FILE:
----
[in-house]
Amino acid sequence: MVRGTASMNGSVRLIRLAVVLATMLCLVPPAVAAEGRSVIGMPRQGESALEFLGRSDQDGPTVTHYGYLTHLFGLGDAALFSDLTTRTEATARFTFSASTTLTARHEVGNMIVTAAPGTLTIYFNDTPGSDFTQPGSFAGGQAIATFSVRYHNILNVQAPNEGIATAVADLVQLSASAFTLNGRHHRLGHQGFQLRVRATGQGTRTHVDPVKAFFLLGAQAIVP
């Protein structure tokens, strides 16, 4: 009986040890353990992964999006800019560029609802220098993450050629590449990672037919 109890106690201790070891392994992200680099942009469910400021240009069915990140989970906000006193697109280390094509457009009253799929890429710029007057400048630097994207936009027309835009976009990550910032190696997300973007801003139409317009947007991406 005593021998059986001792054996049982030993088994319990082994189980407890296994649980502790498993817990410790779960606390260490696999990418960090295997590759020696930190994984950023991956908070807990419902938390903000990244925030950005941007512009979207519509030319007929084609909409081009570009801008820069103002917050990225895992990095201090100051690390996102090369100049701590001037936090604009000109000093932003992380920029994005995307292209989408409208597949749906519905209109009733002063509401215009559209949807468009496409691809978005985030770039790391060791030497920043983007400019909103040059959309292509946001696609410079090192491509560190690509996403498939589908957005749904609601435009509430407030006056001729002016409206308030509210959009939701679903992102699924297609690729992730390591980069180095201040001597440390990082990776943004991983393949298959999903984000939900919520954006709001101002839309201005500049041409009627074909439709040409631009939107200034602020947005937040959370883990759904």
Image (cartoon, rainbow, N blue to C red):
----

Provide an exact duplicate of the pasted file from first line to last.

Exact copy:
[in-house]
Amino acid sequence: MVRGTASMNGSVRLIRLAVVLATMLCLVPPAVAAEGRSVIGMPRQGESALEFLGRSDQDGPTVTHYGYLTHLFGLGDAALFSDLTTRTEATARFTFSASTTLTARHEVGNMIVTAAPGTLTIYFNDTPGSDFTQPGSFAGGQAIATFSVRYHNILNVQAPNEGIATAVADLVQLSASAFTLNGRHHRLGHQGFQLRVRATGQGTRTHVDPVKAFFLLGAQAIVP
């Protein structure tokens, strides 16, 4: 009986040890353990992964999006800019560029609802220098993450050629590449990672037919 109890106690201790070891392994992200680099942009469910400021240009069915990140989970906000006193697109280390094509457009009253799929890429710029007057400048630097994207936009027309835009976009990550910032190696997300973007801003139409317009947007991406 005593021998059986001792054996049982030993088994319990082994189980407890296994649980502790498993817990410790779960606390260490696999990418960090295997590759020696930190994984950023991956908070807990419902938390903000990244925030950005941007512009979207519509030319007929084609909409081009570009801008820069103002917050990225895992990095201090100051690390996102090369100049701590001037936090604009000109000093932003992380920029994005995307292209989408409208597949749906519905209109009733002063509401215009559209949807468009496409691809978005985030770039790391060791030497920043983007400019909103040059959309292509946001696609410079090192491509560190690509996403498939589908957005749904609601435009509430407030006056001729002016409206308030509210959009939701679903992102699924297609690729992730390591980069180095201040001597440390990082990776943004991983393949298959999903984000939900919520954006709001101002839309201005500049041409009627074909439709040409631009939107200034602020947005937040959370883990759904």
Image (cartoon, rainbow, N blue to C red):